It’s not just buzz in Twitter threads – several major players are taking action first to facilitate sanctions enforcement. On March 7, Coinbase published a blog post by its chief legal officer, Paul Grewal, in which he called for use cryptocurrencies to help ensure compliance with economic sanctions.

The platform reports that it has blocked 25,000 wallets linked to Russian individuals or entities that it believes have been involved in illegal activity. Cryptocurrency exchanges Qmall, BTC-Alpha, CEX.IO and Bithumb have also frozen or terminated Russian accounts.

What’s next?

Discussing recent developments with Cointelegraph, Ross Buckley, KPMG-KWM professor of disruptive innovation at the University of New South Wales, Sydney, shared a rather bleak vision of a global regulatory shift. demand will be severely affected by the war in Ukraine. In his view, countries that impose financial sanctions see any potential for evading sanctions as undermining their sovereignty:

“In my view, the Ukraine crisis and related sanctions pose a major challenge to the crypto industry. If cryptocurrencies are used to evade sanctions, a strong regulatory crackdown is to be expected. It is very difficult for sovereign states to tolerate the loss of their ability to impose sanctions.”

Haohan Xu, CEO of global digital asset trading network Apifiny, does not rule out a scenario in which Russian elites actually try to use digital assets as a trading tool. globally along with more obvious options like China’s state-owned UnionPay network. Speaking to Cointelegraph, he explained:

“The method of excluding Russia from participation in the global financial systems controlled by the United States would force Russia to adopt other systems that would, naturally, promote the development of systems that are not controlled by the United States. this control. […] In this case, cryptocurrencies will be legalized in some parts of the world and fall victim to tough regulations from countries that are enemies of Russia.”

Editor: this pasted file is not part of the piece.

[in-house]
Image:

The final game of discussions between global regulators and the crypto industry will be determined by a willingness to give up more around anonymity and decentralization, which are important parts of the world. important in its DNA.

As Xu noted, “While most of the community is in favor of pro-Ukraine, people are divided on the topic of big industry players rushing to comply.” Contrary to Coinbase’s proactive approach and the reassurance of industry opinion leaders, several voices emphasized the need to follow crypto’s core principles.

While this stance may sound less convincing in the midst of a humanitarian crisis, the issue is certainly easier to understand in the long run. “The point is the broader argument between centralization and control than decentralization and freedom,” argues Xu.

Buckley believes this presents a unique challenge to the crypto industry as its decentralization makes avoiding the prospect of tough regulation “nearly impossible.” He is not convinced by the traceability arguments of decentralized assets, doubting that the new digital economy has many advantages over the established foreign system. about its transparency:

“In the absence of the industry’s centralized coordinator, I cannot see how cryptocurrencies in general would not be used to circumvent sanctions and thus trigger a regulatory backlash.” .

While Buckley believes that cryptocurrency can certainly be a good motivator, he thinks it is possible that Western powers won’t see it that way if Russia successfully uses it to mitigate the impact. of punitive pressure.